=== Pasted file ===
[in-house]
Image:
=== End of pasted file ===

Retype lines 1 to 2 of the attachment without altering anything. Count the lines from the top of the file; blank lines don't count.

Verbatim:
[in-house]
Image: